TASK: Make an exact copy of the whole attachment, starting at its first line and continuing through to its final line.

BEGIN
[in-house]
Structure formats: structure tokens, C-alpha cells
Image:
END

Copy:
[in-house]
Structure formats: structure tokens, C-alpha cells
Image: